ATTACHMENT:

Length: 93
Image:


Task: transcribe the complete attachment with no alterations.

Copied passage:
Length: 93
Image: